training, inequality of opportunity, poverty and social exclusion, rapid urbanization and globalization, have all contributed to high rates of offending among young people, and on a scale beyond that experienced in the North”.
(Shaw & Travers, Ed. 2007).
The nature of interventions that can be integrated into social and educational crime prevention may include those that are of general programmes, or those targeted specifically to areas or individuals, long or short term programmes, one-off events such as education or training programmes, and could also be targeted on family, community or schools or institution-based. However, many early-intervention schemes have afterwards been introduced in other countries e.g. Nurse Family Partnerships in the US, the Netherlands (Every opportunity for every child-youth and family programme 2007-2011); and the UK (Pilot schemes were extended to 20 sites in 2008); The Healthy Families programme in the USA, Canada; Switzerland; Germany and the Czech Republic. (Crime Prevention Strategy 2008-11).
“…………It is believed that children who are given clear standards of behaviour and have positive social bonding with adults are less likely to get involved in crime”.
(Crawford A, 2007).
Sports, cultural and learning have long been integrated into crime prevention strategies. International organizations such as UNESCO, UNODC and UN-HABITAT have all sustained such initiatives in recent years. The use of youth sports and leisure
activities in the prevention of crime has a long history, and that it has sometimes been criticized or dismissed as unsuccessful or that is limited when considering the long-term value it has in preventing offending. Much of the criticism was as a result of failure to evaluate programmes, and simple assumptions that ‘playing basketball at midnight’ will by some means keep young people out of violence.
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It has been observed in a recent study of sports and leisure industry in the UK, that most councils and local agencies have commissioned sport and leisure activities targeted to at risk groups, rather than providing universal activities. (Audit Commission, 2009). The review stressed the need for coordinated long-term national and local funding of such activities in areas of high deprivation, and for young people to be consulted in the planning of activities to ensure that they are accessible and relevant, as well as attention to evaluation (only 27% of the schemes could be evaluated).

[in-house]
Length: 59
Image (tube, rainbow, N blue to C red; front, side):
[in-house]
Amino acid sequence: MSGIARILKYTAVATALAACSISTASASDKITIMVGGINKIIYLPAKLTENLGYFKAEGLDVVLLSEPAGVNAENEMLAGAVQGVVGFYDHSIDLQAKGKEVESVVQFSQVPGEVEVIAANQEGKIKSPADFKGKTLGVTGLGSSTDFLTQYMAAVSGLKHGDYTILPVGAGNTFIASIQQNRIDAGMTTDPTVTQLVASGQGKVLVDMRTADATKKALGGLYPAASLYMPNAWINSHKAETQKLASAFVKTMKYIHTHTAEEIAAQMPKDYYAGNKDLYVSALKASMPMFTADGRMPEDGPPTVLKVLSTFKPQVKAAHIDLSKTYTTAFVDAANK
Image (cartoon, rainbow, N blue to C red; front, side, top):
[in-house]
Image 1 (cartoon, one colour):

Beyond their objective of diverting youth from the temptation of committing a crime, sports and cultural activities are seen to encourage self expression and esteem, life skills and social skills, and education, as well as providing diversionary activities to reduce opportunities for offending, or exposure to risks of offending. Examples included programmes developed by local authorities or services, which aim to reduce the risk of street gang recruitment Projet Les Couleurs de la Justice,Montreal, Canada.(National Crime Prevention Strategy, Public Security Ministry, Quebec).
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In Brazil, young people have themselves set up innovative initiatives, such as the AfroReggae Cultural Group, Brazil. This group seeks to improve relations between police and young people in disadvantaged areas, teaching the police about reggae, drumming, break dancing and graffiti art. The results have been positive, and have led this group to work in partnerships with other countries such as Haiti and the UK to develop similar projects (e.g. Afro Reggae Partnership, UK). (http://www.favelarising.com/about-afroreggae.html). There is considerable diversity in the aims and provision of sports and cultural projects.